Washington Post national correspondent Philip Bump wrote Thursday that the state of the country has “rarely been worse” than it is under President Biden’s leadership, and scolded the Democratic Congressional Campaign Committee (DCCC) for what he called a “shoddy” attempt at defending the administration.
“No one would argue that things are going perfectly for President Biden,” Bump wrote in a column Thursday. “Many, in fact, would point out that, at least politically, things have rarely been worse…so it’s safe to say that having his allies gin up defenses as shoddy as this won’t really help much.”
Bump referred to a wildly misleading chart posted on Twitter by the DCCC that praised Biden for lowering gas prices in an effort to quell the widespread frustration over skyrocketing prices at the pump under his presidency.
“Thanks, @JoeBiden,” the DCCC’s official account posted along with a graph that had no start date showing gas prices going down by two cents from November 22 to November 29.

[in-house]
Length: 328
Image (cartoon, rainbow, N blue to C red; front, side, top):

Critics immediately pounced on the graphic, with several Twitter users speculating whether it was satire.
Bump called it possibly “the worst defense of the Biden administration yet,” pointing out that “Since Biden took office, the price of gas has risen more than a dollar on this same measure.”
“You’re not helping, DCCC,” he said.
“The DCCC wants to not only give Biden credit for a decline in the price of gas, they want to give him credit for a tiny decline in the price of gas. A decline that isn’t even the largest decline we’ve seen this year; over a similar period in August, the price of gas dropped more than 1 percent, more than three cents,” he wrote.
Bump acknowledged that it is possible the country will see a peak in the price of a gallon of gas.
He continued, “If so, that would certainly be good news and might even help turn Biden’s approval ratings around. But the DCCC might be advised to wait until that turnaround is a little more substantial than it currently is before boasting about how effective the president has been. Or, at least,” he cautioned, “they might not want to try to prove their dubious point with a graph that makes obvious how modest the decrease has been.”